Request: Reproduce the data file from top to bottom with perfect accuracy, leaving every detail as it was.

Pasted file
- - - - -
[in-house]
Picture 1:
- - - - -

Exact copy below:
[in-house]
Picture 1: